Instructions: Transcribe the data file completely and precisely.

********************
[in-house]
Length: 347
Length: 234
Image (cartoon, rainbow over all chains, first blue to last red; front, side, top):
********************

[in-house]
Length: 347
Length: 234
Image (cartoon, rainbow over all chains, first blue to last red; front, side, top):